As America prepares to celebrate its 250th anniversary in 2026, America250 has launched with the ambitious goal of creating the nation’s largest and most inclusive commemoration in its history. To better understand how Americans feel today, America250 partnered with Social Science Research Solutions, Inc. (SSRS), a leading public opinion and market research firm, to survey adults and teenagers on their views of the United States, its history, and its future.
Here are the top findings from 1,249 adult Americans and 327 American teenagers polled in May 2021:
- Hope for the Future: American adults are united by classic American ideals.
- Ninety-two percent (92%) of adults are united in wanting to help make America a better place to live. They collectively believe in the American Dream of working hard (83%).
- In their own words, Americans are hopeful for a better future (38%), a better political system (23%), and a future with more unity and acceptance (23%).
- Seventy-nine percent (79%) of adults agree that they would rather live in America than elsewhere.
- Respondents rally around words like “freedom” (81%) and “opportunity” (80%) as the top words associated with America.
- Seventy-eight percent (78%) of adults agree they are proud to be an American, while 72% consider themselves patriotic.
- When asked to use their own words, American adults overwhelmingly associate being American with freedom (51%).
- Future Leaders: America’s teens want to learn more about how the past ties into the present.
- Like adults, teens want to help America become a better place to live (77%) and 66% would like to see America250 encourage unity through focusing on shared common bonds.
- Teens recognize the importance of American history and government, with 79% noting it is important to teach civics and 74% agreeing it is important to have a good understanding of how the government works.
- Most teens (87%) indicate they want to learn more about some aspect of American history, government, or civics. Of particular note, 46% of teens want to learn more about non-white history. Teens would also like to learn more about:
- Voters’ rights (34%)
- The Civil War (30%)
- Religion in America (29%)
- World War II (29%)
- The Great Depression (28%)
- Local government (26%)
- When it comes to the top issues facing the country, teens are focused on COVID-19 (34%) and racial injustice (19%), while adults feel that political divisions are the most important issue facing the country (21%), with COVID-19 a close second (20%).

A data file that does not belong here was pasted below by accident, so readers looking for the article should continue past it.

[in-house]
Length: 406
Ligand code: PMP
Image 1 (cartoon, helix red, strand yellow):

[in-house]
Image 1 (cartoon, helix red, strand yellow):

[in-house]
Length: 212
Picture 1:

- Desire to Learn More: American adults are eager to create a deeper understanding of how the country works.
- More than nine out of 10 adults agree that teaching and having an understanding of American history, government, and civics are important.
- However, they want to learn more about topics that are relevant to today’s world rather than history. For example:
- Non-white history (47%)
- Rights and responsibilities as a citizen (43%)
- Migration and immigration (32%)
- Lobbying (32%)
- How the American government functions in the world (31%)
- Economics (30%)
- Just three in 10 adults (31%) believe American history is taught in a fair and balanced way. In addition, most adults (90%) think a better job should be done teaching civics.
- Looking Ahead: America250 can connect with Americans by reflecting on the past, but looking towards a bright future.
- At least four in five American adults find several America250 goals important: open dialogue, American traditions, justice, accessibility, and diversity.
- Having an open dialogue and discussion is key, with 85% of adults noting it as important, including 54% as extremely important.
As the countdown to 2026 begins, feedback and participation by the public are critical to ensure this historic commemoration is inclusive and reflective of all. To get involved, follow America250 on social media for more updates or share your ideas for America250 at www.America250.org.
* The survey was administered online among 1,249 adults (18 and over) and 327 U.S. teens (13-17) throughout the national United States (50 states + DC) from May 12 – May 26, 2021. Samples were targeted to reach a representative sample across key variables (gender, age, race/ethnicity, education, and region).